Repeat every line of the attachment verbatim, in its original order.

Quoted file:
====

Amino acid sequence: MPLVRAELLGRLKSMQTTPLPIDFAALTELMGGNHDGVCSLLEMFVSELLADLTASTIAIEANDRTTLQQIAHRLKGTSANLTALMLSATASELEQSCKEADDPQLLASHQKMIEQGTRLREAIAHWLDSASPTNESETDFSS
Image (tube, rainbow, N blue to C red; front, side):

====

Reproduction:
Amino acid sequence: MPLVRAELLGRLKSMQTTPLPIDFAALTELMGGNHDGVCSLLEMFVSELLADLTASTIAIEANDRTTLQQIAHRLKGTSANLTALMLSATASELEQSCKEADDPQLLASHQKMIEQGTRLREAIAHWLDSASPTNESETDFSS
Image (tube, rainbow, N blue to C red; front, side):